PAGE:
Consortium of US universities to build consumer trust in pork

Consortium of US universities to build consumer trust in pork
Jun 30, 2023

The university consortium will create a five-year plan to increase US pork consumption.

By Andrew Joseph,

The US National Pork Board has begun a five-year plan to strengthen consumer confidence in choosing pork for meals.

Five universities have joined forces as The Real Pork Trust Consortium to work on three areas of consumer trust:

  1. Research designed to answer consumer questions about pork and pork production;
  2. Communications that share the research findings in a relatable, relevant way that consumers can easily understand and use when making decisions;
  3. Training to empower people from various walks of life to share research-based information about the pork industry.

"The producer leaders of the National Pork Board recognize the need to engage with consumers to make sure we understand their questions and that they understand more about our commitment to people, pigs, and the planet," explained Bob Ruth, a pork producer from Pennsylvania and the 2023–24 president of the National Pork Board. “We also know we can’t do that alone. This unique partnership with exceptional talent from multiple land grant universities is an innovative approach for our industry, and we’re excited to support the effort through the consortium’s advisory council as they identify the most impactful ways to build trust in modern pork production.”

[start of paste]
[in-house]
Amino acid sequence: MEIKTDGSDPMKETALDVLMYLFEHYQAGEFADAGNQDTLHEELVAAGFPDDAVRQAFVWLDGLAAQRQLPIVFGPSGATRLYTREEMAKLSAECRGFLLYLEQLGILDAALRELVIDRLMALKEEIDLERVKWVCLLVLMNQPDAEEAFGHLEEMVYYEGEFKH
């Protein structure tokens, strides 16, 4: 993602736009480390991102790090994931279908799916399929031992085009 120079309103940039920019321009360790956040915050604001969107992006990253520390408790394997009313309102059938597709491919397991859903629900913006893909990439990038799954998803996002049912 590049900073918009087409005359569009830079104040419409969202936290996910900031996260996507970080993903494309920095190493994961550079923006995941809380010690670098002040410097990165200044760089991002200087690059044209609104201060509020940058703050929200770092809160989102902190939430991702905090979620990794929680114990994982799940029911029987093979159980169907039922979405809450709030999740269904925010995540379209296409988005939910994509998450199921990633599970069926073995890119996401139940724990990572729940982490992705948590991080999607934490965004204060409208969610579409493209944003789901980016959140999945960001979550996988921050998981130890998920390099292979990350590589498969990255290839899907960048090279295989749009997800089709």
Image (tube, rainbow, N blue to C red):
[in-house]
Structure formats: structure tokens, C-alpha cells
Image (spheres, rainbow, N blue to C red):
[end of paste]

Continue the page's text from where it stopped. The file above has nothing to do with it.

The Consortium’s five universities are: Iowa State University; the University of Georgia; North Carolina State University; North Carolina A&T State University; and the University of Minnesota.

Among the five universities are leading experts in science communication, animal science, animal welfare, veterinary medicine, meat sciences and product safety, nutrition, agricultural economics, sustainability, sociology, and agricultural education who will work side by side using a systems approach.

“Consumers want answers to their questions about the food they eat—and we have good, science-backed answers to share,” said Professor Alexa Lamm of the University of Georgia. “At the UGA College of Agricultural and Environmental Sciences, we are excited to partner with an industry that wants to work with scientists to find the answers and use the best methods to communicate transparently about the research behind pork production. We want everyone to have the information they need to make educated choices about the food they eat.”

The consortium is currently in the planning phase and will share more information about its approach and planned work in the fall.

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